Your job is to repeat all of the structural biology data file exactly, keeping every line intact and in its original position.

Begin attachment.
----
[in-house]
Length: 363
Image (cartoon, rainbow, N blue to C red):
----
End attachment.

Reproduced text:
[in-house]
Length: 363
Image (cartoon, rainbow, N blue to C red):